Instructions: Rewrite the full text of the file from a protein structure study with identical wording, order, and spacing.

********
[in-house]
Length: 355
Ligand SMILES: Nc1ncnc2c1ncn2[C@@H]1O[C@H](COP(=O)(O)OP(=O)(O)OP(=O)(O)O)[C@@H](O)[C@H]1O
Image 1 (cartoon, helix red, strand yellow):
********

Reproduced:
[in-house]
Length: 355
Ligand SMILES: Nc1ncnc2c1ncn2[C@@H]1O[C@H](COP(=O)(O)OP(=O)(O)OP(=O)(O)O)[C@@H](O)[C@H]1O
Image 1 (cartoon, helix red, strand yellow):